Chanelle Boucher HBSc thesis abstract

Thesis Title: 
Alteration and Geochemistry of Host Rocks to the Coldwell Complex

The Coldwell Alkali Complex is a Proterozoic intrusion emplaced within the Archean Schreiber-Hemlo Greenstone belt in northern Ontario.  The rocks that comprise the greenstone belt include metavolcanic and metasedimentary rocks, as well as granitic intrusions.  Along the northwestern contact of the complex, the Archean host rocks have been altered in a manner not normally seen throughout the complex.  This study analyzed sandstones, felsic pyroclastic rocks, iron formation, lamprophyres and a gabbroic intrusion in order to characterize the mode of occurrence of alteration present and determine a potential origin.  The alteration types include silicification, sericitization, tourmaline alteration and hematite alteration.

Trenches were created in order to produce exposure of the units that host the alteration.  Hematite alteration has created a distinct reddening of the felsic pyroclastic units present, and displays great variability in its mode of occurrence and alteration intensity.  Although hematite alteration is most intense in the felsic units within the trench area, the alteration occurs throughout the area and affects all intrusive units present.  Distal sandstone samples taken as control units did not exhibit pervasive alteration.  The mode of occurrence of the hematite is consistently pervasive into the crystalline lattice of quartz and feldspar grains, and it is concentrated along quartz veins, within fractures, and forms as replacement of Fe-sulphides.  There is a weak correlation to iron concentration corresponding to areas of more intense hematite alteration.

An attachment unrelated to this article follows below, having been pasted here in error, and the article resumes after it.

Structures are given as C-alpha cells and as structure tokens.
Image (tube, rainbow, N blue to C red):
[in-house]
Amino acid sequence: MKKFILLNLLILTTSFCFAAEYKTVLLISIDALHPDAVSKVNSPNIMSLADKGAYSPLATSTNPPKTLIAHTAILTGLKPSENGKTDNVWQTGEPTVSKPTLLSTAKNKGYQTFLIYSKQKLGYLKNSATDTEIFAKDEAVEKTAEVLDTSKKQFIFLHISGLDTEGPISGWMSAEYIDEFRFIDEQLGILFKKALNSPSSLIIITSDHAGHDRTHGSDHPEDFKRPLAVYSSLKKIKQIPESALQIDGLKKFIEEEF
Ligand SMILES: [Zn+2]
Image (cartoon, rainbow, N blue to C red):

The dominant lithology is a felsic tuff unit consisting of a quartz and feldspar dominated groundmass with varying intensity of pervasive hematite alteration.  There is a high incorporation of volcanic ash within the iron formation unit, and thus it has acquired the geochemical signature of the felsic tuff unit.  This felsic tuff is defined by U-Pb zircon geochronology that represents a Neoarchean zircon population that indicates an age of roughly 2708 ± 23Ma.